I attended the High School For Girls, otherwise known as Denmark Road, in the city centre. I was always among the last to be picked for the netball team and knew all the best places to stop for a nice sit-down on the cross-country running route.
Fortunately, I wasn’t quite so rubbish at English.
How I became a writer
Encouraged my by English teacher, Mrs. Pocock, I published my first short story in Just Seventeen when I was fourteen years old. The story was called ‘Whatever happened to the wonderful boy I fell in love with’ and I published it under the pseudonym ‘Carolyn Lane’ because it largely consisted of a transcript of an argument I’d had with my boyfriend. I bought a black denim jacket from C & A with the proceeds.I continued to contribute short stories to Just Seventeen to help pay my way through university.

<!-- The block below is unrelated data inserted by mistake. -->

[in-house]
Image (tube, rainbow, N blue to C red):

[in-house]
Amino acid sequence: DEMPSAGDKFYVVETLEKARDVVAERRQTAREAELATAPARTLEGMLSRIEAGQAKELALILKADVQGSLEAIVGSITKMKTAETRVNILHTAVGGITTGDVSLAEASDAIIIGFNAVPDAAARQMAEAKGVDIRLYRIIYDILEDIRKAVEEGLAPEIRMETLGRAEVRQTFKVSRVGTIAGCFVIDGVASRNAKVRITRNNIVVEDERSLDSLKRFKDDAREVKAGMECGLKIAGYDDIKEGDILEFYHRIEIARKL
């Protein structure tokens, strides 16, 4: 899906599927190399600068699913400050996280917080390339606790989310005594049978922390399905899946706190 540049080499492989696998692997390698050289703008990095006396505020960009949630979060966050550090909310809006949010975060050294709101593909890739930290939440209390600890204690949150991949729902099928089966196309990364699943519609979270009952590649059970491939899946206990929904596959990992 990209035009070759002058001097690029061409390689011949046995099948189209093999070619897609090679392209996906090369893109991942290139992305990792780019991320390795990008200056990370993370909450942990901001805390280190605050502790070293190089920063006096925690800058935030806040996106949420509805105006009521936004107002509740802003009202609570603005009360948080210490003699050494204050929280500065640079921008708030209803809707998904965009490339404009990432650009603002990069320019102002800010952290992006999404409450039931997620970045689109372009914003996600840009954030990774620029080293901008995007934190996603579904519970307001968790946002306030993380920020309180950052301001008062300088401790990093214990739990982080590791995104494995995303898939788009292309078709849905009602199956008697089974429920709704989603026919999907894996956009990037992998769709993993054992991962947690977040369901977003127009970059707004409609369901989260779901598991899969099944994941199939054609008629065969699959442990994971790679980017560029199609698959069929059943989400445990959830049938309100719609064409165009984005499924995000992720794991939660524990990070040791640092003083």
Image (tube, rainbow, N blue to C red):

I studied Experimental Psychology at St Edmund Hall in Oxford. Alas, I devoted rather too much time to my social life and staggered away with an unimpressive 2:2. In retrospect, that 2:2 saved my life. It meant that none of the graduate training schemes I had hoped to join would have me. I wouldn’t become an accountant after all.
I moved to London and took a series of temp jobs to support myself. It was while I was working at Prelude Audio Books, a company which took erotic ‘classics’ and put them on tape, that I met my first real novelist: David Garnett. David is a very well respected science fiction writer, who once dabbled with writing erotica under the name Angelique. Prelude was recording the Angelique novels. One afternoon, David spent a couple of hours sitting on my desk, waiting for my boss to come back from a very long publishing lunch to discuss some unpaid royalties. I told David I’d always wanted to be a writer. He dared me to write a novella like Angelique’s. A few weeks later, I handed him my first full-length manuscript. David cast his experienced eye over my scribblings, helped me tweak it and then passed it on to his editor at Little Brown. Incredibly, she made an offer on it.
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